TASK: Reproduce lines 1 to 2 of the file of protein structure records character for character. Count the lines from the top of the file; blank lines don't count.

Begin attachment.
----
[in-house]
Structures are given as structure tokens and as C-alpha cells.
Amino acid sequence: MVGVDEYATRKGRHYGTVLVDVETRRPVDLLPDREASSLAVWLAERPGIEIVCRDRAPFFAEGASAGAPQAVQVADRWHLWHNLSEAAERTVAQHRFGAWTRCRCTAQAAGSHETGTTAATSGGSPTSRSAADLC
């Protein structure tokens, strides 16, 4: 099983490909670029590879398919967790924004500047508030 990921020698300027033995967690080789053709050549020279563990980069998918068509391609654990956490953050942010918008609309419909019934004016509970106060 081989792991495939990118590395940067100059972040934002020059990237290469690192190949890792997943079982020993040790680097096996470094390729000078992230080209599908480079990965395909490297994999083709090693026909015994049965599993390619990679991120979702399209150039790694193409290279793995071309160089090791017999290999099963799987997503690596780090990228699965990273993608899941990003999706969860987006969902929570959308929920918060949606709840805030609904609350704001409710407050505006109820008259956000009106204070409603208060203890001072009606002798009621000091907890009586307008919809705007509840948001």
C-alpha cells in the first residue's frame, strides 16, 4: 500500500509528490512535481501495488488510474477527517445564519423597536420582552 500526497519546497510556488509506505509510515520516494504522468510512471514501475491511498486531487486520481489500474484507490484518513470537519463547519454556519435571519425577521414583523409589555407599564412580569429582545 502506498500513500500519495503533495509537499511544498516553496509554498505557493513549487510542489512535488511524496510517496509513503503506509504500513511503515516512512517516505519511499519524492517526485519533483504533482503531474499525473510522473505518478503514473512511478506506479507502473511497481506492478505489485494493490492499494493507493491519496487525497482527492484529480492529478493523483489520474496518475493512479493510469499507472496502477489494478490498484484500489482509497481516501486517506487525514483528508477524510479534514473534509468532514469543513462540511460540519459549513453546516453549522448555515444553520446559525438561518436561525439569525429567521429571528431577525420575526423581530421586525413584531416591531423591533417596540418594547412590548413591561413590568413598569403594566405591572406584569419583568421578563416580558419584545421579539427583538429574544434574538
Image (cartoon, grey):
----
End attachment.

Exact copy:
[in-house]
Structures are given as structure tokens and as C-alpha cells.